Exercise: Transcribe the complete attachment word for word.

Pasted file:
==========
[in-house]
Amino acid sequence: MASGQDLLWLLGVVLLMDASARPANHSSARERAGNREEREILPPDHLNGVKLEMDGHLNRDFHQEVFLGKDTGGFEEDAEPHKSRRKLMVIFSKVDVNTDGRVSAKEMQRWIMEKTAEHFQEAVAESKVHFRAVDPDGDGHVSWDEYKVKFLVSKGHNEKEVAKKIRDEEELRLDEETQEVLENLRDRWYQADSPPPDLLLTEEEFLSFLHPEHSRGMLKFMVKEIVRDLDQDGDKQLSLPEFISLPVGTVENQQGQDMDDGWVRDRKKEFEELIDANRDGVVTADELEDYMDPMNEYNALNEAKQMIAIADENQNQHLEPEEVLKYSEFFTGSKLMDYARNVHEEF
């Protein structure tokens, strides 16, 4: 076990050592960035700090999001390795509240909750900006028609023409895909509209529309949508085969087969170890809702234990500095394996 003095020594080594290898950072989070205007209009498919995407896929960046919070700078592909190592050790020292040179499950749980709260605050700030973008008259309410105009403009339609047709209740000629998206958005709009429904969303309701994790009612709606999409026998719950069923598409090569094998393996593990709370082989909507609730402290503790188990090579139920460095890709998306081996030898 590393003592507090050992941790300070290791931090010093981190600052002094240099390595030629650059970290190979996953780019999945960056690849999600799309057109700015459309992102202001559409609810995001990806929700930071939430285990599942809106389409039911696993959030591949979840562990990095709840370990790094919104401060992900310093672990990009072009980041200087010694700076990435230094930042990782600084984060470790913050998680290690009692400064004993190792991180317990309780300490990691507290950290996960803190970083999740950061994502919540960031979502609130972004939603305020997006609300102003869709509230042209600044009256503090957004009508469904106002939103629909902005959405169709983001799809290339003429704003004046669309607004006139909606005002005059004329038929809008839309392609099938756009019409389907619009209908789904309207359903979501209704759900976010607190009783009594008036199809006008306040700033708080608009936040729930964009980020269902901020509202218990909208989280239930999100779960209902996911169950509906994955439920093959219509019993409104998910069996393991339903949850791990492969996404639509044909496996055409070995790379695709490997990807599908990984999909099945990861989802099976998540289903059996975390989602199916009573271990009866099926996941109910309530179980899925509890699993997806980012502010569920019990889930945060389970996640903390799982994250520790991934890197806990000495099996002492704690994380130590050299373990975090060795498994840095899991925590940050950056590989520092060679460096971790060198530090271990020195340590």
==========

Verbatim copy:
[in-house]
Amino acid sequence: MASGQDLLWLLGVVLLMDASARPANHSSARERAGNREEREILPPDHLNGVKLEMDGHLNRDFHQEVFLGKDTGGFEEDAEPHKSRRKLMVIFSKVDVNTDGRVSAKEMQRWIMEKTAEHFQEAVAESKVHFRAVDPDGDGHVSWDEYKVKFLVSKGHNEKEVAKKIRDEEELRLDEETQEVLENLRDRWYQADSPPPDLLLTEEEFLSFLHPEHSRGMLKFMVKEIVRDLDQDGDKQLSLPEFISLPVGTVENQQGQDMDDGWVRDRKKEFEELIDANRDGVVTADELEDYMDPMNEYNALNEAKQMIAIADENQNQHLEPEEVLKYSEFFTGSKLMDYARNVHEEF
């Protein structure tokens, strides 16, 4: 076990050592960035700090999001390795509240909750900006028609023409895909509209529309949508085969087969170890809702234990500095394996 003095020594080594290898950072989070205007209009498919995407896929960046919070700078592909190592050790020292040179499950749980709260605050700030973008008259309410105009403009339609047709209740000629998206958005709009429904969303309701994790009612709606999409026998719950069923598409090569094998393996593990709370082989909507609730402290503790188990090579139920460095890709998306081996030898 590393003592507090050992941790300070290791931090010093981190600052002094240099390595030629650059970290190979996953780019999945960056690849999600799309057109700015459309992102202001559409609810995001990806929700930071939430285990599942809106389409039911696993959030591949979840562990990095709840370990790094919104401060992900310093672990990009072009980041200087010694700076990435230094930042990782600084984060470790913050998680290690009692400064004993190792991180317990309780300490990691507290950290996960803190970083999740950061994502919540960031979502609130972004939603305020997006609300102003869709509230042209600044009256503090957004009508469904106002939103629909902005959405169709983001799809290339003429704003004046669309607004006139909606005002005059004329038929809008839309392609099938756009019409389907619009209908789904309207359903979501209704759900976010607190009783009594008036199809006008306040700033708080608009936040729930964009980020269902901020509202218990909208989280239930999100779960209902996911169950509906994955439920093959219509019993409104998910069996393991339903949850791990492969996404639509044909496996055409070995790379695709490997990807599908990984999909099945990861989802099976998540289903059996975390989602199916009573271990009866099926996941109910309530179980899925509890699993997806980012502010569920019990889930945060389970996640903390799982994250520790991934890197806990000495099996002492704690994380130590050299373990975090060795498994840095899991925590940050950056590989520092060679460096971790060198530090271990020195340590």